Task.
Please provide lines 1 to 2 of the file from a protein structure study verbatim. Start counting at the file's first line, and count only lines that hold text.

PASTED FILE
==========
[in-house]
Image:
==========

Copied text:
[in-house]
Image: